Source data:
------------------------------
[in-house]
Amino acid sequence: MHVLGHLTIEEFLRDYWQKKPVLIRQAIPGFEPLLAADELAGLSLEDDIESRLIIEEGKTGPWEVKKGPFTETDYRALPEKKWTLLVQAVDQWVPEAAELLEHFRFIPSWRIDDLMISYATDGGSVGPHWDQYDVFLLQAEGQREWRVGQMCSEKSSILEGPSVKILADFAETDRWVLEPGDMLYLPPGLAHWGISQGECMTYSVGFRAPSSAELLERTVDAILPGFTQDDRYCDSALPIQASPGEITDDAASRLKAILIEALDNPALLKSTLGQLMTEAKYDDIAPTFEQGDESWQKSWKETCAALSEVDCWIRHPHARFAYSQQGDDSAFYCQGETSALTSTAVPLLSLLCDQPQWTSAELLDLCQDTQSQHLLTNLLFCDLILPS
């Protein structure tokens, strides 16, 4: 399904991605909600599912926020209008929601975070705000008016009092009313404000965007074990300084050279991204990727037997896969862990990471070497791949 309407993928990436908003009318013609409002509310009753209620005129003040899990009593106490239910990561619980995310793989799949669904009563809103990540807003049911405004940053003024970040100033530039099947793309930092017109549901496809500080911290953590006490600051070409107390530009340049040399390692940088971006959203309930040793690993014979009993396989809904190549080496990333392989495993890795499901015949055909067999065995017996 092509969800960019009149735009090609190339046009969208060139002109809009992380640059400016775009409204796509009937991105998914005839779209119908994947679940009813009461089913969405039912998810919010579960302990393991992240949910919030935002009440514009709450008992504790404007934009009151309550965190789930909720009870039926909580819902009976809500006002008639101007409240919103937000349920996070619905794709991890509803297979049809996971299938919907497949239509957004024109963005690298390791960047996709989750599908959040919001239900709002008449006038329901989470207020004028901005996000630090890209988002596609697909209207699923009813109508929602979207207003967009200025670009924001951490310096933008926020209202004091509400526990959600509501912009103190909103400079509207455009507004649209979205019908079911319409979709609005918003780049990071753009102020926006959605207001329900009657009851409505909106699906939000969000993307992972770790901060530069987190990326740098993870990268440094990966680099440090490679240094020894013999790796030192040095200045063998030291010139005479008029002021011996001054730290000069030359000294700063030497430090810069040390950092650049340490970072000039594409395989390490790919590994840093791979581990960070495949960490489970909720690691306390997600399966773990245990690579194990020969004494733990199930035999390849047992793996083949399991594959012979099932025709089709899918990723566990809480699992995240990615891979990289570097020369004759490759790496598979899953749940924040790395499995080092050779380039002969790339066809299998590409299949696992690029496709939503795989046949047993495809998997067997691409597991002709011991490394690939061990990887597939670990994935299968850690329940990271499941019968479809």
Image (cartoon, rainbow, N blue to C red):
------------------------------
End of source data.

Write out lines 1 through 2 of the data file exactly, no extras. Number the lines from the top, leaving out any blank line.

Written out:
[in-house]
Amino acid sequence: MHVLGHLTIEEFLRDYWQKKPVLIRQAIPGFEPLLAADELAGLSLEDDIESRLIIEEGKTGPWEVKKGPFTETDYRALPEKKWTLLVQAVDQWVPEAAELLEHFRFIPSWRIDDLMISYATDGGSVGPHWDQYDVFLLQAEGQREWRVGQMCSEKSSILEGPSVKILADFAETDRWVLEPGDMLYLPPGLAHWGISQGECMTYSVGFRAPSSAELLERTVDAILPGFTQDDRYCDSALPIQASPGEITDDAASRLKAILIEALDNPALLKSTLGQLMTEAKYDDIAPTFEQGDESWQKSWKETCAALSEVDCWIRHPHARFAYSQQGDDSAFYCQGETSALTSTAVPLLSLLCDQPQWTSAELLDLCQDTQSQHLLTNLLFCDLILPS